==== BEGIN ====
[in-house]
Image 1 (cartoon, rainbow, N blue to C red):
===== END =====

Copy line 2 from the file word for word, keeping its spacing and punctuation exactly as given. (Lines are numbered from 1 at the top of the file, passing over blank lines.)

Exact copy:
Image 1 (cartoon, rainbow, N blue to C red):